January 22, 2014
|Marie Meckel (front, seated at left) serving as clinical mentor in support of South African clinical associates|
Having worked as a Physician Assistant for the last 10 years in the United States, Marie Meckel, MPH '12, was selected to serve as a Clinical Mentor in South Africa supporting Clinical Associates, the country’s new profession equivalent to Physician Assistants. Coordinated by the American International Health Alliance's Volunteer Healthcare Corps, Marie’s nine-month placement will focus on improving the clinical training of Clinical Associates students at Walter Sisulu University in Mthatha, Eastern Cape. These mid-level healthcare professionals are equipped with knowledge and skills to meet the country’s healthcare workforce challenges, particularly in rural areas.
This is not Marie’s first time in Africa nor her first time working with mid-level health professionals on the continent. Before becoming a PA, she spent a year traveling through Africa starting in Egypt and ending in Namibia via the Congo River. More significantly, since becoming a PA and getting her MPH, Marie has traveled to Ghana three summers in a row starting in 2010 to attend, present, and develop workshops at a conference that brings together the country’s mid-level health professionals. She gave lectures and presentations on chronic diseases such as hypertension and diabetes, which are frequently overlooked but increasingly burdening Africa’s population. Marie was inclined to pursue her Master’s in Public Health at the University of Massachusetts Amherst, so she could better integrate public health into her practice - a need she sees in the entire US healthcare system. Particularly after her experiences in Africa, she realized the extent to which medical practice is insular in the US and needs to incorporate a more diverse and holistic knowledge about communities. She says learning from other healthcare systems is important.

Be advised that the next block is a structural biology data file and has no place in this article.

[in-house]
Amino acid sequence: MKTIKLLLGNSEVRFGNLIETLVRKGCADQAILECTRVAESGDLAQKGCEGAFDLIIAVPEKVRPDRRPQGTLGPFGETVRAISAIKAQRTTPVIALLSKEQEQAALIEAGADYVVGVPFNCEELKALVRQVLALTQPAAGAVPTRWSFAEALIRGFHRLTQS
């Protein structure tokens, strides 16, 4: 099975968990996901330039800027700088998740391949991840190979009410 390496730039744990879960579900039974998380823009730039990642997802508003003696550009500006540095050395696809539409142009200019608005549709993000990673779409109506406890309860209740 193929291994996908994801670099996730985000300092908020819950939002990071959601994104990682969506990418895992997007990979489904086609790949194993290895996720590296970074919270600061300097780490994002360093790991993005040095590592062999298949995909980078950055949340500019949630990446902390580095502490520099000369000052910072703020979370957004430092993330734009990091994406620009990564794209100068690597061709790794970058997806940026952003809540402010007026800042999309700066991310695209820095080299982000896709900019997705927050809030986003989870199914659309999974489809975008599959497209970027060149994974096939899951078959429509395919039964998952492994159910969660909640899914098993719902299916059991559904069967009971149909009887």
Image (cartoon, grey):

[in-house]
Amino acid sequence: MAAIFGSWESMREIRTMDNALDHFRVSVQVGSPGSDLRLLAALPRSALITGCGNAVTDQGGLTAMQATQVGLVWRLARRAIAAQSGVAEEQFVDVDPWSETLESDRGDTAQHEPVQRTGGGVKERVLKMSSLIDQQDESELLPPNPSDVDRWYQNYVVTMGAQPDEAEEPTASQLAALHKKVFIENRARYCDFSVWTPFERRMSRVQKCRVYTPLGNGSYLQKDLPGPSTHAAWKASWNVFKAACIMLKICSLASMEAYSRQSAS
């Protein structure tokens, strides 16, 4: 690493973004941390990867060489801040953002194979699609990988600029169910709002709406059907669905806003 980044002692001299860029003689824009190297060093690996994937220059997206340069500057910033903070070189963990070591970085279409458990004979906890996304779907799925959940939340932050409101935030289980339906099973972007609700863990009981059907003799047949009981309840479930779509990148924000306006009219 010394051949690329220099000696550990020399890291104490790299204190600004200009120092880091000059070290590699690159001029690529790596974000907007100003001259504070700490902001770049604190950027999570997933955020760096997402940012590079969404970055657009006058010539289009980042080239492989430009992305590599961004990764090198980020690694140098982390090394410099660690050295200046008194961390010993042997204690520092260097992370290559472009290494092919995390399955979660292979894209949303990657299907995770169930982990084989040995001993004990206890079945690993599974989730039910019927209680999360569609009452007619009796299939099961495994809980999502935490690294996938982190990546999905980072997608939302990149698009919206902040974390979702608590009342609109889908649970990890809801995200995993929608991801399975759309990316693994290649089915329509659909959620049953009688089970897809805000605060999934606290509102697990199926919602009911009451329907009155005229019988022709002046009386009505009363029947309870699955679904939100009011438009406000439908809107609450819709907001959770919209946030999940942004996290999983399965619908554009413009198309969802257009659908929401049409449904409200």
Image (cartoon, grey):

Behind all Marie’s work and interests lie the theme of relationships - between patient and health provider, between peers, and especially across cultures. Particularly in African countries, building these relationships is crucial. Marie understands that having a sustainable impact on the healthcare sector in South Africa can only come about through building trust and developing long-term, peer-to-peer relationships with her counterparts.
We have no doubt that Marie’s enthusiasm and commitment in her placement will yield many accomplishments for the Clinical Associates profession. In the same regard, we are certain that Marie’s experiences in Mthatha will have a lasting impact on her life and profession back in the US.
“The exchange of information and knowledge between the American and African health systems is paramount to building a stronger future for global public health,” Marie says. “I believe that developing these relationships slowly over time and promoting partnerships creates an environment that is ripe for change. We still have so much to learn from each other.”
NOTE: Marie’s placement in Mthatha is made possible with funding from the US President’s Emergency Plan for AIDS Relief (PEPFAR) and CDC/South Africa, coordinated by the American International Health Alliance. This story originally appeared on the AIHA Facebook page.